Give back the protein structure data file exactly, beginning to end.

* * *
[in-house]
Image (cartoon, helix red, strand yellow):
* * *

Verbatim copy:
[in-house]
Image (cartoon, helix red, strand yellow):